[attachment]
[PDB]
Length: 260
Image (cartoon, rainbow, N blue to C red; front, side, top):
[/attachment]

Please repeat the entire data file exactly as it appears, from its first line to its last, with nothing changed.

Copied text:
[PDB]
Length: 260
Image (cartoon, rainbow, N blue to C red; front, side, top):